> read in an earlier post, it's time to replace it.
    >
    > The thing that surprises me is that it's only done about 5 or 6 thousand miles on a commute where
    > there's not much braking required.
    >
    > It's a Mavic Open Pro and I've been using Shimano blocks (I've just started using Kool Stops).
    >
    > Any comments?
    >
    > Phileas
     
  13. Mike S.

    Mike S. Guest

    "jim beam" <[email protected]> wrote in message
    news:[email protected]...
    > try ceramics. they're designed specifically for high wear life.
    >

    Normally, I don't recommend ceramic rims even though I own a pair. BUT, in this instance: wet
    commuting, it makes sense.

    Just make sure you get some ceramic brake pads.

    Mike
     
  14. Mike S.

    Mike S. Guest

    "Phileas" <[email protected]> wrote in message
    news:[email protected]...
    >
    > "daveornee" <[email protected]> wrote in message
    > news:[email protected]...
    > >
    > > Is all the factory machining gone?
    >
    > Long gone!
    >
    > >Do you clean your rims and brake shoes regulary, particularly after wet rides?
    >
    > No. I mainly commute. In the winter, most rides are wet to some extent.
    >
    There's your answer. Riding in the wet/nasties means accelerated brake track wear.

    You must not mtn bike too much...

    Mike
     
  15. Phileas

    Phileas Guest

    "Matt O'Toole" <[email protected]> wrote in message
    news:[email protected]...
    >
    > Wear indicators are nice, but you can determine wear the old fashioned
    way.
    > Measure your rim with a caliper, sidewall to sidewall, and compare it to
    the
    > spec for a new one. A little concavity is not necessarily a problem --
    sidewall
    > thickness is.
    >

    I just measured the rim width. At the outside diameter, it's 20.5mm whereas at the inside diameter
    it's 19.0 mm. Harris Cyclery quote the rim width as
    19.6mm.

    Assuming the rims start parallel sided, this seems to suggest that the rims are worn down by 0.3mm
    per side at the inside diameter and flared out at the outside diameter. Unfortunately, this still
    doesn't allow me to determine the minimum thickness of the sidewalls.

    Phileas
     
  16. Werehatrack

    Werehatrack Guest

    On Sun, 15 Feb 2004 09:55:39 -0800, "Mike S." <[email protected]>
    may have said:

    >
    >"jim beam" <[email protected]> wrote in message news:[email protected]...
    >> try ceramics. they're designed specifically for high wear life.
    >>
    >
    >Normally, I don't recommend ceramic rims even though I own a pair. BUT, in this instance: wet
    >commuting, it makes sense.
    >
    >Just make sure you get some ceramic brake pads.

    ITYM "pads made for use with ceramic rims".

    --
    My email address is antispammed; pull WEEDS if replying via e-mail.
    Yes, I have a killfile. If I don't respond to something,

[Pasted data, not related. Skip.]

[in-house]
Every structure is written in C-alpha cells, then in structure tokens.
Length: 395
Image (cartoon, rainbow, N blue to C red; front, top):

it's also possible that I'm busy.
    Words processed in a facility that contains nuts.
     
  17. Gvw

    Gvw Guest

    Mike S. wrote:

    > Normally, I don't recommend ceramic rims even though I own a pair. BUT, in this instance: wet
    > commuting, it makes sense.

    Just curious. Why wouldn't you recommend ceramic rims? They claim is gives better braking and wear.
    Or is it because only mavic ( afaik) makes them?
     
  18. Matt O'Toole

    Matt O'Toole Guest

    gvw wrote:

    > Mike S. wrote:
    >
    >> Normally, I don't recommend ceramic rims even though I own a pair. BUT, in this instance: wet
    >> commuting, it makes sense.
    >
    > Just curious. Why wouldn't you recommend ceramic rims? They claim is gives better braking and
    > wear. Or is it because only mavic ( afaik) makes them?

    I've seen them from Bontrager, and others too. Ceramic rims are a bad idea. First, the ceramic
    coating tends to flake off. Second, they don't brake as well, wet or dry, even if special ceramic-
    compatible pads are used. This is because the ceramic is an insulator, which prevents heat from
    being transferred into the metal, where it is dissipated into the air. Instead, the pads just get
    hotter and hotter, until they go soft or melt, causing brake fade. The pads wear quickly too.

    For situations where rim wear is a problem, such as muddy mountain biking, disc brakes are a
    better solution.

    Matt O.
     
  19. Mike S.

    Mike S. Guest

    "Werehatrack" <[email protected]> wrote in message
    news:[email protected]...
    > On Sun, 15 Feb 2004 09:55:39 -0800, "Mike S." <[email protected]> may have said:
    >
    > >
    > >"jim beam" <[email protected]> wrote in message news:[email protected]...
    > >> try ceramics. they're designed specifically for high wear life.
    > >>
    > >
    > >Normally, I don't recommend ceramic rims even though I own a pair. BUT,
    in
    > >this instance: wet commuting, it makes sense.
    > >
    > >Just make sure you get some ceramic brake pads.
    >
    > ITYM "pads made for use with ceramic rims".
    >

    Yup. Pads made out of ceramic wouldn't work so well... Can you imagine the wear? Ugh!

    Mike

    -
    > My email address is antispammed; pull WEEDS if replying via e-mail. Yes, I have a killfile. If I
    > don't respond to something, it's also possible that I'm busy. Words processed in a facility that
    > contains nuts.
     
  20. Mike S. wrote:

    > "Werehatrack" <[email protected]> wrote in message
    >
    >> ITYM "pads made for use with ceramic rims".
    >
    > Yup. Pads made out of ceramic wouldn't work so well... Can you imagine the wear? Ugh!

    Okay, stop it, you guys. You're giving me the nails-on-chalkboard shivers.

    --
    Benjamin Lewis

    A small, but vocal, contingent even argues that tin is superior, but they are held by most to be the
    lunatic fringe of Foil Deflector Beanie science.